This time five years ago, Jamie Vardy had just moved from Stocksbridge Park Steels to Halifax Town. Step forward to today and he now finds himself in the England squad.
Now, of course, were Daniel Sturridge not injured and the likes of Harry Kane, Saido Berahino and Danny Ings not on their way to the under 21’s European Championships this summer, then Vardy was unlikely to have been included at all. But instead lets celebrate an achievement that has seen one of the sharpest ascents through the footballing ranks in the history of the game.
Vardy’s rise has been well documented. 3 years ago he was plying his trade at Conference side Fleetwood Town, where he scored 31 goals to help them into the Football League. His non-league record £1 million move to Leicester followed and he has scarcely had time to look back.
The Sheffield born striker announced himself onto the world stage at the start of this season. He was the catalyst that sparked Leicester City’s amazing come back from 3-1 down to a 5-3 victory against Manchester United. His pace, strength and tireless running made him a nightmare for United’s defence that day, setting up 4 goals and scoring the other. Rumour has it that Tyler Blackett still wakes up in cold sweats in the middle of the night thinking about it.
At the time many thought that it would be Vardy’s pinnacle, rounding up a fairy tale story of a man, who after being released at academy level for being too small, worked his way up through six leagues in four years, into the promised land of the Premier League.
A key point in his story line casts back to his first season in a Leicester shirt, which left many questioning- including Vardy himself- whether he could cut it at that level. As he struggled for confidence by not hitting the level performances or number of goals that lead to his move in the first place, he even considered giving up the game altogether. Encouragement from manager Nigel Pearson and his coaching team convinced him he was capable and the next season was a key player in Leicester’s return to the Premier League.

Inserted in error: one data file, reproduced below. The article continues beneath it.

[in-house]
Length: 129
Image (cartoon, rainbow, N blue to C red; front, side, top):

THAT performance against Manchester United heralded many plaudits for the forward. However, his form curtailed for much of the mid-season as once again, Vardy found himself out of the team and out of the goals. Reminiscent of his first year at Leicester, the ‘is he good enough’ questions were being asked.
By the start of April, the Foxes found themselves stranded at the bottom of the table. Vardy, would again be the catalyst for their come back.
His last minute winner against West Brom gave Leicester back to back wins in the league for the first time since September and the confidence to go on a run which would lead to their great escape. His goal was a microcosm of the way he plays. Nicking the ball off Joleon Lescott by not giving him an inch of time on the half way line, breaking forward with pace and directness into the West Brom box and scoring with an unerring finish into the bottom corner of the goal.
As a striker, Vardy offers so much more than goals (which is just as well as he only has 4 this season). His assists tally currently sits at a very commendable eight, on par with Eden Hazard from open play. He has strength that belies his slight figure, which sometimes looks as though he has left his coat hanger in his shirt. He has an electric turn of pace and an engine that refuses to stop running. This concoction will have caused many a manager to ask questions just how they will keep the front man quiet. His bullying of defences continued for the rest of Leicester’s run-in, no more so than in the 3-0 victory over Newcastle, where challenges on Vardy lead to two Newcastle red cards.
It’s easy to be critical at the call up of Vardy, especially for those who have only looked at the stats, but when on song he really does take some stopping. And lets be honest, the English national side has hardly coated themselves in glory over the past 12 months. As a player who has not too distantly seen the game at its less glamorous roots, Vardy’s desire and will to improve could inject something perhaps missing in the current England changing room.
His England career is likely to be short lived, but should he make a cameo in either of the two games then it will be a just reward, as well as another addition to the Rocky Balboa-esque tale, that is Jamie Vardy.